"What I'll remember most about Jack Cottey is his great laugh. There are people whose laugh 'lights up a room,' as they say. Jack's laugh lit up the room and shook the pictures off the walls. Jack was a great politician, because he really loved politics. And he loved it because he loved people. Not 'the People,' as an abstraction, but individual people. All of them. And politics was for Jack the best chance he had to give each and every person exactly what they wanted and needed from their state and local government."

--Scott Newman, former Marion County Prosecutor

Former Deputy Prosecutor Gets Six-Month Suspension For Felony Drunk Driving Conviction

A spokesman and deputy prosecutor for former Marion Co. Prosecutor Carl Brizzi received a six-month suspension by the Indiana Supreme Court from the practice of law for his recent felony drunk driving conviction in Hamilton County. Mario Massillamany pleaded guilty on April 9, 2014 to operating a vehicle while intoxicated, his third such conviction, which was elevated to a felony due to a prior OWI conviction within the past five years.

According to the Supreme Court's Order, Massillamany promptly self-reported his arrest last July. In 2010, Massillamany received a public reprimand from the Supreme Court after he pleaded guilty to operating a vehicle while intoxicated and endangering another person's life, a Class A misdemeanor. Massillamany had a prior conviction for OWI dating back to 2000. The Court's Order also says that Massillamany had neglected to report a prior illegal consumption arrest in 1996 on his initial application to practice law in Indiana or in his renewed application. Massillamany will be reinstated following his six-month suspension as long as he complies with the terms of his probation.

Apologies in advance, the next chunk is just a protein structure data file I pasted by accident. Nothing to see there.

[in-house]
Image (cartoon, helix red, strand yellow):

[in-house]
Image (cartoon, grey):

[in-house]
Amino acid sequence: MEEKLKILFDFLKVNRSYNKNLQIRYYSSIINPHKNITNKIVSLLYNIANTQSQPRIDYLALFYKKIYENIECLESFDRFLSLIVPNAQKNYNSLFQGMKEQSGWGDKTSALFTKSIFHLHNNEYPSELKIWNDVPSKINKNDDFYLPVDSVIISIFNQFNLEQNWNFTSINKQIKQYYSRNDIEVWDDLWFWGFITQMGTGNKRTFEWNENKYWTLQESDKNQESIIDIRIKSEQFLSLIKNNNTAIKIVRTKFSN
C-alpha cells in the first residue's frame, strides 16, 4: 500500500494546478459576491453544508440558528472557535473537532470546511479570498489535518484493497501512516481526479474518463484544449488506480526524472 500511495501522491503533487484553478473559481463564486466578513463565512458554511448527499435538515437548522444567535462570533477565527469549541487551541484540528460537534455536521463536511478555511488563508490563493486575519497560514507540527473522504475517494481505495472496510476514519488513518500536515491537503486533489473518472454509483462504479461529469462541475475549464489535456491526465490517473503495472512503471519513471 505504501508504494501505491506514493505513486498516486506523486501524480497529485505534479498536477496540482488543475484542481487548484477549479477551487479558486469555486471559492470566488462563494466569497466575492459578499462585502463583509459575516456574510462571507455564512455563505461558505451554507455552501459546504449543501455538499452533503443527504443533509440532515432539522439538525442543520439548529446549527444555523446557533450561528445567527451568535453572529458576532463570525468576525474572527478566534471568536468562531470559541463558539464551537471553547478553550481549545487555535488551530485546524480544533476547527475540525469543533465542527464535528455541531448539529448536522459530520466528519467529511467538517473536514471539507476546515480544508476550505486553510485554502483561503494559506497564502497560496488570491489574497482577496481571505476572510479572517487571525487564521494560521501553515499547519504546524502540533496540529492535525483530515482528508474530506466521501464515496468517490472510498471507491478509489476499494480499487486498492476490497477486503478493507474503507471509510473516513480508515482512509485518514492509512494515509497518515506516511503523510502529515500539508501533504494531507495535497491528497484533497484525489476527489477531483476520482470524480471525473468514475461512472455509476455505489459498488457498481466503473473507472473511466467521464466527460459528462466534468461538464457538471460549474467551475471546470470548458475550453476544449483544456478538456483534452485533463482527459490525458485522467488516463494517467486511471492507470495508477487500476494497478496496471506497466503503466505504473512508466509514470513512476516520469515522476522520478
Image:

The order found that Massillamany violated the following rules of professional conduct:
8.1(a): Knowingly making a false statement of material fact to the Board of Law Examiners in connection with a bar admission application.
8.1(b): Failure to disclose relevant facts to the Board of Law Examiners.
8.4(b): Committing a criminal act that reflects adversely on Respondent's trustworthiness or fitness as a lawyer.
Hat tip to Indiana Law Blog.

Obama Ebola Czar: Population Control In Africa And Asia Top Concern


This older interview of Indianapolis native Ron Klain, the consummate Washington insider and political hack who President Barack Obama has just appointed as his Ebola czar despite having no medical credentials, should send chills up the spines of West Africans where the deadly virus has reached epidemic proportions. Population control in places like Africa and Asia is what he sees as a top concern with which America should concern itself.

Monday, October 20, 2014

State Board Of Accounts Staff Slashed 30% In Past Ten Years Due To Budget Cuts

It's a wonder any fraud gets detected in state and local government in Indiana. The State Board of Accounts made public its case today for more funding to beef up its staff. According to Call 6's Kara Kenney, the agency's staff has been slashed 30% in the past ten years.
Due to budget constraints, the State Board of Accounts has seen its staff shrink from 315 in 2004 to 208 in 2014, according to State Examiner Paul Joyce.
Joyce went before the Legislative Council Audit and Financial Reporting Subcommittee Monday morning to make his case.
Joyce did not ask for a specific dollar amount or staffing level, but he made the case for a different schedule of audits and fee structure.
“It goes back to accountability on what happens with taxpayers’ money,” said Joyce. “It costs more to do things than it did before. It’s a systemic issue we’ve had.”
SBOA has been forced to suspend auditing financial records of some entities such as libraries and some public school accounts . . .  
Joyce is hoping for a change in state law that will give SBOA more flexibility with the staff they have.
“I'm in support of the State Board of Accounts receiving the funding it needs to continue to provide audits particularly to small government units,” said Greg Wright, Certified Fraud Examiner and former school board member in MSD Washington Township.
Joyce said if SBOA can’t get the resources it needs, you might see fewer headlines about public corruption, but not because it’s not happening.
“I think it will go unchecked, which therefore, it will go unpunished,” said Joyce . . .

State Let Library Embezzler Off The Hook For More Than $400,000 Theft, Now Earns More Than $54,000 As IUPUI Employee

Juanita L. Mimms